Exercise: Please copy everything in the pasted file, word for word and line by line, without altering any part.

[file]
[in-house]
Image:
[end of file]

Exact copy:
[in-house]
Image: